An al-Qaeda-linked network, believed to have been planning assassinations and other attacks in Morocco, has been broken up by security forces, the kingdom's government said.
Security forces have arrested 24 people suspected of involvement with the network in recent days, the Moroccan interior ministry said on Monday.
The group "were preparing to carry out assassinations and acts of sabotage within the country, notably targeting the security services and foreign interests in Morocco", the ministry said in a statement carried by the state news agency, Map.
The arrests came after some members of the alleged cell assaulted a police officer in the city of Casablanca, Morocco's economic capital.
The suspects were found in possession of a pistol and ammunition that they had allegedly taken after attacking the officer, the ministry said.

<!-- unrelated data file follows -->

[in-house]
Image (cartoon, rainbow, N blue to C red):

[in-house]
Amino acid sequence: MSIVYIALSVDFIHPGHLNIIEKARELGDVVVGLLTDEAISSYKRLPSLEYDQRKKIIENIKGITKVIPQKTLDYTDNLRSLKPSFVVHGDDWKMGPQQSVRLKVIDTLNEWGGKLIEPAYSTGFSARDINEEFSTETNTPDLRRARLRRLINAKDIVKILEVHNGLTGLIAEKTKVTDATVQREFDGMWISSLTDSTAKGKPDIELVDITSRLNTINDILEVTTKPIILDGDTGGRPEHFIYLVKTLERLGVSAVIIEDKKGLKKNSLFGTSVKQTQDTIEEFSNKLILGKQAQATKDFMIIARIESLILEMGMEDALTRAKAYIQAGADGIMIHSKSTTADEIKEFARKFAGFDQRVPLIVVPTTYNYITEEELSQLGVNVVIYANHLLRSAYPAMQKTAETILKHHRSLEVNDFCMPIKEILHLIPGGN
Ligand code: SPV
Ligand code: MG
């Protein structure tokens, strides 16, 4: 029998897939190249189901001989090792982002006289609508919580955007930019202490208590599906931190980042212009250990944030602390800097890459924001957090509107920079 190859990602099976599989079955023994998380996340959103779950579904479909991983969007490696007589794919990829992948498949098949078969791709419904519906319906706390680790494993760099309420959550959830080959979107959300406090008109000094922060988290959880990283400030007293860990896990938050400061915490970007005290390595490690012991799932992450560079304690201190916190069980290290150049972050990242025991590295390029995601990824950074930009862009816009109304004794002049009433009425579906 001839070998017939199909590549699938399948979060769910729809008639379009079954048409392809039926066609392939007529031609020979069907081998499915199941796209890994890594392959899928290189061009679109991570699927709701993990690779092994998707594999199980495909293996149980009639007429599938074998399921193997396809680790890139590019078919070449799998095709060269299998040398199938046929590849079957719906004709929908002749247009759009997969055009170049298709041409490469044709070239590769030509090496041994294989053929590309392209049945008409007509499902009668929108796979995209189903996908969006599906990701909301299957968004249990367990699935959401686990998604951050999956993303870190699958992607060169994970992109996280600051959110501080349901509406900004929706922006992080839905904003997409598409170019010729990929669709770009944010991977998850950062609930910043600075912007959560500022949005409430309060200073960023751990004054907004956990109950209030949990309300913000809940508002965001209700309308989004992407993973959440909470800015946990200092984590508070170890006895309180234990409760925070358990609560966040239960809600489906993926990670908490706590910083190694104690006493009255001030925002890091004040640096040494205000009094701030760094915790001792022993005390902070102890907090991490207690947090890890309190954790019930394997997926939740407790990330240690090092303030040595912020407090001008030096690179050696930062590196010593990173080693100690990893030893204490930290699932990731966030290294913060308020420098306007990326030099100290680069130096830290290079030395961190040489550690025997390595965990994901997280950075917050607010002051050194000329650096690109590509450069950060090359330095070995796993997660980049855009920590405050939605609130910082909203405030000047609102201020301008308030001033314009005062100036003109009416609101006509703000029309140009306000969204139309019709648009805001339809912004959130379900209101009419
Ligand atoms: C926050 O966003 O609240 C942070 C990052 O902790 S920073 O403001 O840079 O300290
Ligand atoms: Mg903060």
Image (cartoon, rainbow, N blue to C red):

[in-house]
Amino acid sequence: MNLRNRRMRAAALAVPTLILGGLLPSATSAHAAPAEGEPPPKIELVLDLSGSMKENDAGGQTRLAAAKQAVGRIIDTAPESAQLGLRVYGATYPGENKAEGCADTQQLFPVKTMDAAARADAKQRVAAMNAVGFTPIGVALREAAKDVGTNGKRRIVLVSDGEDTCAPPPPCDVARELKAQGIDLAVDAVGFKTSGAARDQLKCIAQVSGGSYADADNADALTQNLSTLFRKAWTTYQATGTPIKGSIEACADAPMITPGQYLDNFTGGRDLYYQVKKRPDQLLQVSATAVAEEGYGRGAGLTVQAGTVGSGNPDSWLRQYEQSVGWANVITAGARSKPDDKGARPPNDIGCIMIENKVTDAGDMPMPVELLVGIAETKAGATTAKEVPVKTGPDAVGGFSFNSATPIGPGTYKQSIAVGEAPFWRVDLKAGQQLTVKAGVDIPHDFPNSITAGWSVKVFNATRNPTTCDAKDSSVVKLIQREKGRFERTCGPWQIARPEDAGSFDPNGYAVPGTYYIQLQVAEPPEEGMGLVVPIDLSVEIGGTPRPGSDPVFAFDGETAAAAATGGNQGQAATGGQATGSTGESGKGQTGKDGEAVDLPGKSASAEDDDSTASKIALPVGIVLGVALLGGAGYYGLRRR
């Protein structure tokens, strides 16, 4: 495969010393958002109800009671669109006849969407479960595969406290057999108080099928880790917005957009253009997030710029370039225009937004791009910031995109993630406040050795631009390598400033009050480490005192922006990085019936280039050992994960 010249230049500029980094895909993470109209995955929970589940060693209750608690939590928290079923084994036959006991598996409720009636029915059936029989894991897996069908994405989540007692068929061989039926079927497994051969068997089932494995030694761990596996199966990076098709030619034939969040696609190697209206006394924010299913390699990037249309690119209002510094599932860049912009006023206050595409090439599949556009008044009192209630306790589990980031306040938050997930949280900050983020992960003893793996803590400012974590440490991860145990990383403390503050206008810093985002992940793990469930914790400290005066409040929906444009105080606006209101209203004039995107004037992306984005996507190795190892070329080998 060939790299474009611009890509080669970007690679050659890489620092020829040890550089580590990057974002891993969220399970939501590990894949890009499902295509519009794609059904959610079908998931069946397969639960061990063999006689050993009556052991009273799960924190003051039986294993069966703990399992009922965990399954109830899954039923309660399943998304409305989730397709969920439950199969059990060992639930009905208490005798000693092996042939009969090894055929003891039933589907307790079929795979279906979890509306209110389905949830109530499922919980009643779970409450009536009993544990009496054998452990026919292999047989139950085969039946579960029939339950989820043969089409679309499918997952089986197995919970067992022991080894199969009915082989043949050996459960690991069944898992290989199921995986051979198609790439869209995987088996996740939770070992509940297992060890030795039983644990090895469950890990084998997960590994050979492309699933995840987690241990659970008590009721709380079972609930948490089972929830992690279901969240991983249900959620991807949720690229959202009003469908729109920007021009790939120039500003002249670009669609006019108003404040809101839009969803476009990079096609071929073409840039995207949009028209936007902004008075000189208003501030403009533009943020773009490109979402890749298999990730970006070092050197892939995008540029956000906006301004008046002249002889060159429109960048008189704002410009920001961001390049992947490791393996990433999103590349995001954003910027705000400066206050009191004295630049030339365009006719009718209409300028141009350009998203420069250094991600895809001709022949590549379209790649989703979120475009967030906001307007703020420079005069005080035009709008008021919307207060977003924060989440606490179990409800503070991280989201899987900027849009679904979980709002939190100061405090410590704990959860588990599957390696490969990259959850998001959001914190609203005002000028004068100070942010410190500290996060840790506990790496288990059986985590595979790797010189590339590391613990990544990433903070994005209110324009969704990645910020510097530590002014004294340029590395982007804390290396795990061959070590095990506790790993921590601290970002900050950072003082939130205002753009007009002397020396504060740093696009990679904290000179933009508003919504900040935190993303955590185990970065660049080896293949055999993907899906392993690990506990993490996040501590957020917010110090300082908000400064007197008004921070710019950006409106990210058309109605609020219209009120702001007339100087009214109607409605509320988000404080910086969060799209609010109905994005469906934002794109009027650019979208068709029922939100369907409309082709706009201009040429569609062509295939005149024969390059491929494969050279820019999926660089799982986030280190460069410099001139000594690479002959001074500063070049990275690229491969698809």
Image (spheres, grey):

The suspects are also accused of recruiting Moroccan citizens to send to conflicts in locations including Afghanistan, Iraq and Somalia, the ministry said, citing details from an inquiry led by a prosecutor.
Other recruits were to join fighters in the Sahara and Sahel desert regions, where an al-Qaeda offshoot known as al-Qaeda of the Islamic Maghreb has been increasingly active in recent months.
The group roams the border region of Algeria, Mauritania, Mali and Morocco.
The network includes four former detainees convicted of terrorism-related charges in the country, it said. It did not provide details on the other suspects.
Security services have reported the arrest of 30 suspected "terrorists" since March 2, including those announced on Monday.
Moroccan authorities carried out mass arrests after five suicide bombings in Casablanca in May 2003 in which 45 people were killed.